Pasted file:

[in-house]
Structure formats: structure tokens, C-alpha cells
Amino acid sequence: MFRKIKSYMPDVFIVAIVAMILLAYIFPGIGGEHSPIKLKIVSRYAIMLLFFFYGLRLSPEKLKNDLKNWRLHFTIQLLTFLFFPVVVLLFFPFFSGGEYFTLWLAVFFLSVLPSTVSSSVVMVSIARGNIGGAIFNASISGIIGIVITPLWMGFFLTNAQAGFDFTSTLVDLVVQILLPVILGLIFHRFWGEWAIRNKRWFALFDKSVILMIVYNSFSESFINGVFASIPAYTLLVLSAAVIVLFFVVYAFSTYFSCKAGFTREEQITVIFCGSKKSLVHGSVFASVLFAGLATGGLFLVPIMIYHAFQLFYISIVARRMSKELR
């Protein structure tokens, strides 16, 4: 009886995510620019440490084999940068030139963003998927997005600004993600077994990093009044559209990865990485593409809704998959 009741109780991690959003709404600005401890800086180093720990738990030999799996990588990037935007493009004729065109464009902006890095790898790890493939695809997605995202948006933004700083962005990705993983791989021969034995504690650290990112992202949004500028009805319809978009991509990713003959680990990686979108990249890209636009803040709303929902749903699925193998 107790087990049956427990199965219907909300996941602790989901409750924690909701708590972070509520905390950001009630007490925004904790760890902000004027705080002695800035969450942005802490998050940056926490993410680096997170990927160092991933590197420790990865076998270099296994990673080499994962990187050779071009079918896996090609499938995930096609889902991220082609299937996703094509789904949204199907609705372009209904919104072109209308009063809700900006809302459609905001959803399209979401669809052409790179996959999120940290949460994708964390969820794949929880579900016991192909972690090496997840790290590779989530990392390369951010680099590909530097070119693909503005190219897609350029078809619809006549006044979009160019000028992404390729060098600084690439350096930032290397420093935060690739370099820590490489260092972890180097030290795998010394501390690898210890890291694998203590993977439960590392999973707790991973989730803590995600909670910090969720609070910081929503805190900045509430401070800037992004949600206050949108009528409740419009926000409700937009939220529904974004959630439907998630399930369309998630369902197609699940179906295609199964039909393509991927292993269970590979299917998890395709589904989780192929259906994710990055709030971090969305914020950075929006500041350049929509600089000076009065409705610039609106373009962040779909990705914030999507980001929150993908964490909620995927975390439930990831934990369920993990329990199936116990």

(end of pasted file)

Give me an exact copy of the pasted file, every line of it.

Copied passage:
[in-house]
Structure formats: structure tokens, C-alpha cells
Amino acid sequence: MFRKIKSYMPDVFIVAIVAMILLAYIFPGIGGEHSPIKLKIVSRYAIMLLFFFYGLRLSPEKLKNDLKNWRLHFTIQLLTFLFFPVVVLLFFPFFSGGEYFTLWLAVFFLSVLPSTVSSSVVMVSIARGNIGGAIFNASISGIIGIVITPLWMGFFLTNAQAGFDFTSTLVDLVVQILLPVILGLIFHRFWGEWAIRNKRWFALFDKSVILMIVYNSFSESFINGVFASIPAYTLLVLSAAVIVLFFVVYAFSTYFSCKAGFTREEQITVIFCGSKKSLVHGSVFASVLFAGLATGGLFLVPIMIYHAFQLFYISIVARRMSKELR
């Protein structure tokens, strides 16, 4: 009886995510620019440490084999940068030139963003998927997005600004993600077994990093009044559209990865990485593409809704998959 009741109780991690959003709404600005401890800086180093720990738990030999799996990588990037935007493009004729065109464009902006890095790898790890493939695809997605995202948006933004700083962005990705993983791989021969034995504690650290990112992202949004500028009805319809978009991509990713003959680990990686979108990249890209636009803040709303929902749903699925193998 107790087990049956427990199965219907909300996941602790989901409750924690909701708590972070509520905390950001009630007490925004904790760890902000004027705080002695800035969450942005802490998050940056926490993410680096997170990927160092991933590197420790990865076998270099296994990673080499994962990187050779071009079918896996090609499938995930096609889902991220082609299937996703094509789904949204199907609705372009209904919104072109209308009063809700900006809302459609905001959803399209979401669809052409790179996959999120940290949460994708964390969820794949929880579900016991192909972690090496997840790290590779989530990392390369951010680099590909530097070119693909503005190219897609350029078809619809006549006044979009160019000028992404390729060098600084690439350096930032290397420093935060690739370099820590490489260092972890180097030290795998010394501390690898210890890291694998203590993977439960590392999973707790991973989730803590995600909670910090969720609070910081929503805190900045509430401070800037992004949600206050949108009528409740419009926000409700937009939220529904974004959630439907998630399930369309998630369902197609699940179906295609199964039909393509991927292993269970590979299917998890395709589904989780192929259906994710990055709030971090969305914020950075929006500041350049929509600089000076009065409705610039609106373009962040779909990705914030999507980001929150993908964490909620995927975390439930990831934990369920993990329990199936116990």